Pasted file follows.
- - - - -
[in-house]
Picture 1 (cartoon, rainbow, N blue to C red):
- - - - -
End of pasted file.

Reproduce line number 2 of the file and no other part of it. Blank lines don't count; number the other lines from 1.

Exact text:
Picture 1 (cartoon, rainbow, N blue to C red):